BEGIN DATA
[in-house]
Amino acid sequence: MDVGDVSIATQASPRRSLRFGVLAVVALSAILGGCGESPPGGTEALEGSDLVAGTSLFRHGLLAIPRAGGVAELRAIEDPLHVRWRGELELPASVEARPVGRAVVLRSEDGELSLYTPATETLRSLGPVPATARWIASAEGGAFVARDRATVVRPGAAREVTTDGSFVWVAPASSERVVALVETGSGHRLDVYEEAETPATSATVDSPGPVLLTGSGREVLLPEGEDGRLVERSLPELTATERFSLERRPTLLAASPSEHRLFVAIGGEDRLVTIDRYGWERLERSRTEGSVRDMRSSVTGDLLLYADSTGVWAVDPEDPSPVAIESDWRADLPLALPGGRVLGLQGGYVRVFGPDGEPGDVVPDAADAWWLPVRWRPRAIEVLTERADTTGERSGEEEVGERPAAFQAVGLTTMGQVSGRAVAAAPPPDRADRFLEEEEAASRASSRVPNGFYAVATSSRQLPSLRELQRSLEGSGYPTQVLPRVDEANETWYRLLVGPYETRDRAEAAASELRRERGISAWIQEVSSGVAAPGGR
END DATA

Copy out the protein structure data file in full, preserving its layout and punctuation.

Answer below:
[in-house]
Amino acid sequence: MDVGDVSIATQASPRRSLRFGVLAVVALSAILGGCGESPPGGTEALEGSDLVAGTSLFRHGLLAIPRAGGVAELRAIEDPLHVRWRGELELPASVEARPVGRAVVLRSEDGELSLYTPATETLRSLGPVPATARWIASAEGGAFVARDRATVVRPGAAREVTTDGSFVWVAPASSERVVALVETGSGHRLDVYEEAETPATSATVDSPGPVLLTGSGREVLLPEGEDGRLVERSLPELTATERFSLERRPTLLAASPSEHRLFVAIGGEDRLVTIDRYGWERLERSRTEGSVRDMRSSVTGDLLLYADSTGVWAVDPEDPSPVAIESDWRADLPLALPGGRVLGLQGGYVRVFGPDGEPGDVVPDAADAWWLPVRWRPRAIEVLTERADTTGERSGEEEVGERPAAFQAVGLTTMGQVSGRAVAAAPPPDRADRFLEEEEAASRASSRVPNGFYAVATSSRQLPSLRELQRSLEGSGYPTQVLPRVDEANETWYRLLVGPYETRDRAEAAASELRRERGISAWIQEVSSGVAAPGGR